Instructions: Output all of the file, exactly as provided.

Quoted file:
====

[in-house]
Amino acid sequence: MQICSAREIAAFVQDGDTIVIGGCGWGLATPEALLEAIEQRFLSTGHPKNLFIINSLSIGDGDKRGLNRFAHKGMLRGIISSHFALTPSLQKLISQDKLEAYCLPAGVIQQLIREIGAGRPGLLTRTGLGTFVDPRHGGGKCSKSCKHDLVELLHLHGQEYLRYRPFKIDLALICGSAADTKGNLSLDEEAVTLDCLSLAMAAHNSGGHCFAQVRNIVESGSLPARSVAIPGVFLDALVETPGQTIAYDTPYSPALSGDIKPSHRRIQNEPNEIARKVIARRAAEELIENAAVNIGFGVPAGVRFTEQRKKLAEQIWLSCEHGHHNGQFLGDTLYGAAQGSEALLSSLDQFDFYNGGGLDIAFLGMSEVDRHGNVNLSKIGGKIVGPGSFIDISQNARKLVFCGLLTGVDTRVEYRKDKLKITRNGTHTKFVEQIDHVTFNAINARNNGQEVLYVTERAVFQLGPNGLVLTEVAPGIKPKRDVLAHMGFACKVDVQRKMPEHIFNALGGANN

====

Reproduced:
[in-house]
Amino acid sequence: MQICSAREIAAFVQDGDTIVIGGCGWGLATPEALLEAIEQRFLSTGHPKNLFIINSLSIGDGDKRGLNRFAHKGMLRGIISSHFALTPSLQKLISQDKLEAYCLPAGVIQQLIREIGAGRPGLLTRTGLGTFVDPRHGGGKCSKSCKHDLVELLHLHGQEYLRYRPFKIDLALICGSAADTKGNLSLDEEAVTLDCLSLAMAAHNSGGHCFAQVRNIVESGSLPARSVAIPGVFLDALVETPGQTIAYDTPYSPALSGDIKPSHRRIQNEPNEIARKVIARRAAEELIENAAVNIGFGVPAGVRFTEQRKKLAEQIWLSCEHGHHNGQFLGDTLYGAAQGSEALLSSLDQFDFYNGGGLDIAFLGMSEVDRHGNVNLSKIGGKIVGPGSFIDISQNARKLVFCGLLTGVDTRVEYRKDKLKITRNGTHTKFVEQIDHVTFNAINARNNGQEVLYVTERAVFQLGPNGLVLTEVAPGIKPKRDVLAHMGFACKVDVQRKMPEHIFNALGGANN